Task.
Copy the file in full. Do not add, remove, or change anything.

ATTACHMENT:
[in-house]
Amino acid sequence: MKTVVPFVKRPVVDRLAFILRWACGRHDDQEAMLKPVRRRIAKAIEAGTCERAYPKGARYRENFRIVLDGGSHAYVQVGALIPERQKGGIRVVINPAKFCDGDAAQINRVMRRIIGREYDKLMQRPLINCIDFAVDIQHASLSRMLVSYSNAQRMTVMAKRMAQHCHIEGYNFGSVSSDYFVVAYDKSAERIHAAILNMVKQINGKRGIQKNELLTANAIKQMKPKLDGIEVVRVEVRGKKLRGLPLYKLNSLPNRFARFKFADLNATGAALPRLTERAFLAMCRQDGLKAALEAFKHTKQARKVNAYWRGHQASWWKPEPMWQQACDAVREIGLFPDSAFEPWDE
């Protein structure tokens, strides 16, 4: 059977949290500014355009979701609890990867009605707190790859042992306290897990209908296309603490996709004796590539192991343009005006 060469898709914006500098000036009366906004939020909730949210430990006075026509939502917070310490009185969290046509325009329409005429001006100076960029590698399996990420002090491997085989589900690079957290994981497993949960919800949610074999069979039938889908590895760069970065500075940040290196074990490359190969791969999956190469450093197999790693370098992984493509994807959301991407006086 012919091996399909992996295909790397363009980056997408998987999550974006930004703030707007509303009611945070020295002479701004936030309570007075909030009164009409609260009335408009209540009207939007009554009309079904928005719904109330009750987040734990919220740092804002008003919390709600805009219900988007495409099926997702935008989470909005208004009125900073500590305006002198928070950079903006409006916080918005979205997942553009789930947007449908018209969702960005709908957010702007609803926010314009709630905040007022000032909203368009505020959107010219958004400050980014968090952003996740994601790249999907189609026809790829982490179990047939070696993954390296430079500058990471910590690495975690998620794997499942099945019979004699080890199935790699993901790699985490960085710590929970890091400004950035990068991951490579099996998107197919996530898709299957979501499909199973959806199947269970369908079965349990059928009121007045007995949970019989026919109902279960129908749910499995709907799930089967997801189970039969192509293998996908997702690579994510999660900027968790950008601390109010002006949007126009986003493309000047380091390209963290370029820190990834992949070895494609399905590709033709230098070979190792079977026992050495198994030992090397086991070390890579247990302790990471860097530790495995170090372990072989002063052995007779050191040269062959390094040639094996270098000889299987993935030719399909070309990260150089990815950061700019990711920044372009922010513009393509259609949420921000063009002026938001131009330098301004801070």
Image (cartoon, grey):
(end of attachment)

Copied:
[in-house]
Amino acid sequence: MKTVVPFVKRPVVDRLAFILRWACGRHDDQEAMLKPVRRRIAKAIEAGTCERAYPKGARYRENFRIVLDGGSHAYVQVGALIPERQKGGIRVVINPAKFCDGDAAQINRVMRRIIGREYDKLMQRPLINCIDFAVDIQHASLSRMLVSYSNAQRMTVMAKRMAQHCHIEGYNFGSVSSDYFVVAYDKSAERIHAAILNMVKQINGKRGIQKNELLTANAIKQMKPKLDGIEVVRVEVRGKKLRGLPLYKLNSLPNRFARFKFADLNATGAALPRLTERAFLAMCRQDGLKAALEAFKHTKQARKVNAYWRGHQASWWKPEPMWQQACDAVREIGLFPDSAFEPWDE
């Protein structure tokens, strides 16, 4: 059977949290500014355009979701609890990867009605707190790859042992306290897990209908296309603490996709004796590539192991343009005006 060469898709914006500098000036009366906004939020909730949210430990006075026509939502917070310490009185969290046509325009329409005429001006100076960029590698399996990420002090491997085989589900690079957290994981497993949960919800949610074999069979039938889908590895760069970065500075940040290196074990490359190969791969999956190469450093197999790693370098992984493509994807959301991407006086 012919091996399909992996295909790397363009980056997408998987999550974006930004703030707007509303009611945070020295002479701004936030309570007075909030009164009409609260009335408009209540009207939007009554009309079904928005719904109330009750987040734990919220740092804002008003919390709600805009219900988007495409099926997702935008989470909005208004009125900073500590305006002198928070950079903006409006916080918005979205997942553009789930947007449908018209969702960005709908957010702007609803926010314009709630905040007022000032909203368009505020959107010219958004400050980014968090952003996740994601790249999907189609026809790829982490179990047939070696993954390296430079500058990471910590690495975690998620794997499942099945019979004699080890199935790699993901790699985490960085710590929970890091400004950035990068991951490579099996998107197919996530898709299957979501499909199973959806199947269970369908079965349990059928009121007045007995949970019989026919109902279960129908749910499995709907799930089967997801189970039969192509293998996908997702690579994510999660900027968790950008601390109010002006949007126009986003493309000047380091390209963290370029820190990834992949070895494609399905590709033709230098070979190792079977026992050495198994030992090397086991070390890579247990302790990471860097530790495995170090372990072989002063052995007779050191040269062959390094040639094996270098000889299987993935030719399909070309990260150089990815950061700019990711920044372009922010513009393509259609949420921000063009002026938001131009330098301004801070």
Image (cartoon, grey):